Things To Be Aware Of When Reading A Contract

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This information sheet is intended only for educational purposes and your general reference.  The information contained in this document is not legal advice and should not be relied on in place of legal advice.  It was prepared by counsel to Yankee Farm Credit as a way to provide information to Yankee’s customers.
If you have questions about hemp, or need general legal assistance, you should contact an attorney.
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General questions to ask yourself before reading a contract
A written contract governs the relationship between your business and another business or person.  Before looking at the contract, think about the following:
  • What business objective am I trying to achieve with this relationship?
  • What RISKS does this relationship create for my business?
  • What RISKS does this relationship reduce for my business?
  • What do I know about the other business or person with whom I would be signing a contract?  Are they reputable? Do I want to have a business relationship with them?
 
What terms should I look for in a contract?
If another person or business gives you a contract, it is very important to set aside time to read it carefully.  While every contract is different, think about whether the contract adequately and fairly addresses these concepts:
  • Proper names: Does the contract include proper names of all parties, including the state where the businesses are organized?
  • Starting and Ending Dates: When do the duties of each party start and end? When is the first payment due? When is the full payment due?
  • Getting out of the contract: If things aren’t going well, how or when can either party terminate the contract?  Does the contract automatically renew? Will it cost money to terminate the contract?
  • Good or service: Is the good or service, or whatever is being delivered, clearly identified and explained?
  • Quantity/scope: If the deliverable is a product:  is the quantity of the product to be delivered clearly identified? If the deliverable is a service:  is the scope of the service clearly explained?
  • Ownership: If the contract involves a product, does the contract clearly explain who possesses or owns the product during and after the term of the contract?
  • Price: Is the price clear? When and how can prices change?
  • Payment terms: When and how is payment made? How much is owed? When is payment late? Are there penalties for a late payment?
  • Remedies: If a party doesn’t fulfill its obligations under the contract, what happens? Does the contract permit recovery for specific kinds of damages?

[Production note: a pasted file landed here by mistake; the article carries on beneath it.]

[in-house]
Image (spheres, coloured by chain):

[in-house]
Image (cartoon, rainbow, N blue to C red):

• Indemnification: Indemnification means that, if one party suffers certain losses because of the contract, the other party may have to reimburse for these losses.  Does the contract contain a duty to indemnify for either or both parties?
  • Confidentiality: Does the contract state that the parties need to keep all business information confidential?
  • Non-competition: Does the contract prohibit a party from competing with the other party? Or prohibit a party from selling goods or services to people and businesses that aren’t signing the contract?
  • Prior approval: Does the contract require either party to get permission from the other party to do certain things?
  • Amendment: How can the contract be changed? Does any amendment have to be in writing and signed?
  • Assignment: Can a party assign its obligations under the contract to someone else?  Does it need to get the other party’s permission to do so?
  • Applicable law: Does the contract say whether Vermont law governs the contract? Does it say anything about a specific Court where a party would have to file suit against the other if things go wrong?
  • Notice: Does the contract specify how notices are to be delivered to the other party? When are those notices effective?
 
If you decide to sign a contract…
If you decide to sign a contract, it is a good idea to take the following actions:
  • Authority: Make sure the other person signing the contract actually has the AUTHORITY to sign the contract on behalf of the business or person you’re contracting with.  This is especially important when the contract is special or not in the ordinary course of business.
  • No blank spaces: Fill in all blank spaces! NEVER sign a contract where blank lines have not been filled in with relevant information.
  • Exhibits should be complete and attached.  If the contract mentions exhibits, schedules, or annexes, make sure that the final version of the signed contract has complete copies of the exhibits, schedules or annexes attached.  These items are part of the contract, and the contract is not complete without them.
  • Keep an original copy of the contract. You may need it for future reference.
  • Talk to a lawyer. If you have questions about any proposed contract, contact a lawyer.  The lawyer may be able to help you review any proposed agreement, or put you in touch with someone who can assist you.
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